Everyday has been a challenge.  Making it to the next day was my goal.  I wanted to be an astronaut growing up as a kid and having CF didn't even cross my mind but seeing the Challenger explosion I thought maybe some other avenue with science.  I loved biology and wanted to do something to give back for all the doctors, nurses and everyone that had helped me during my hospital stays.  I wanted to work in a science lab.  I was told that I should try something not so difficult and major with a general degree.  I refused to let CF or anything involving CF ruin that dream.  I started my pursuit for that Biology degree still not knowing what I was going to do with it but I was going to get it.  My CF started getting bad but I continued going to school sleeping between classes and slowly making it through the week.  I wasn't using oxygen all the time so I was pretty drained.  I got my call to move to North Carolina so school stopped but I had already completed 3 years.  I was transplanted on September 18, 1995.  I moved back home in November and returned to school feeling like a new person with a new life.  My kidneys eventually started failing so I was repeating the sleep breaks between classes but I was feeling more tired than I was pre-transplant.  I had to start dialysis and stop school once again because now we were discussing a kidney transplant.  My dad got tested and was a match so the transplant was going to take place back in North Carolina.  I endured three months of dialysis and moved to North Carolina for my kidney transplant on January 8, 1999.  I was able to return to home and return to school.  It was a tough road but I did receive my Bachelors of Science in Biological Sciences in May of 2000.  I ended up going back to school  seven years later and graduated with another Bachelors of Science in Clinical Lab Sciences.  I also had another kidney transplant on July 1, 2009 which my sister donated this time.  I far exceeded my goals at the time.  I always wanted to go to college and graduate with a Sciences degree to prove to myself and others that CF will not stop me from pursuing my dreams.  I currently work as a Medical Technologist in BloodBank for the Veterans Healthcare Administration and love what I do because now I'm able to give back and its an honor to be serving our Veterans.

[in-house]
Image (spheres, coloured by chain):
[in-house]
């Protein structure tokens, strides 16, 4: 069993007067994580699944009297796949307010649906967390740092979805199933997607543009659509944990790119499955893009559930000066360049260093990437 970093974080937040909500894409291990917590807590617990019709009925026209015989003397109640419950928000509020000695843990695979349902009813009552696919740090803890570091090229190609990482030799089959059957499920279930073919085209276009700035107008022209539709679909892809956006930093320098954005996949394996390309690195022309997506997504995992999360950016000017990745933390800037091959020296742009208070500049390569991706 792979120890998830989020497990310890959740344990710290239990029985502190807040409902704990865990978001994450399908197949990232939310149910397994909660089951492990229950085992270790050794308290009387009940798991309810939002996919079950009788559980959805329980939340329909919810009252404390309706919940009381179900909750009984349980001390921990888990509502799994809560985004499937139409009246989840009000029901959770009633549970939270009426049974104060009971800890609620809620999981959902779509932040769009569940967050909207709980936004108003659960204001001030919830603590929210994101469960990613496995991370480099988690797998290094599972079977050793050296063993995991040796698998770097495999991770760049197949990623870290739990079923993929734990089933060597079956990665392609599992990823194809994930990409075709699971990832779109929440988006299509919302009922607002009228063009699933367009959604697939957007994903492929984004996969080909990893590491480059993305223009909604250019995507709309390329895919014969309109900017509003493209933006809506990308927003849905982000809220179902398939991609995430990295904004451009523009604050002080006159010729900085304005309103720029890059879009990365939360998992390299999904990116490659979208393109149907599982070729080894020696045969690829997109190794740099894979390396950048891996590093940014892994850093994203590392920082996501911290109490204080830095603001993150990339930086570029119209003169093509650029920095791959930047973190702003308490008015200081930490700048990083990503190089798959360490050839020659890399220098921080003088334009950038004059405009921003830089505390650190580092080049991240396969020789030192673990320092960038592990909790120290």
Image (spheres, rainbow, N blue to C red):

How do like to spend your free time? Any hobbies?

I have a few hobbies that I enjoy.  I have always enjoyed cars so I started collecting them as a young kid, first it was Hot Wheels and then the die cast models and mainly exotics.  I also enjoyed the model kit cars and putting them together.  I was fortunate enough to try different things that I found interesting.  Collecting marbles, cars, state issued quarters, trading cards, traveling and trying different sports.  I really enjoyed riding bikes.  It was the only time I felt free and that I was "flying" even though I wasn't fast I felt that my lungs were giving me the air I needed to turn the pedals feeling the wind as I rode wherever I chose.  I still enjoy riding bikes and have completed a few bike events and has become a main staple in my exercise routine and look forward to every time I get a chance to ride.  I now have a road bike and a hybrid and enjoy them both. 


Do you have any goals for the future? 

Goals never stop.  I look at them as reasons to keep fighting for that next day.  You want to prove to yourself that you can accomplish what you set ahead of yourself to finish.  Some goals I have in store are to travel to different destinations around the world, have a family, possibly further my education and become a bloodbank specialist and to watch my nieces continue growing up and fulfilling their dreams.  It has been a dream come true to watch them grow up.  I will see what God has in store for me and enjoy everyday that I am given.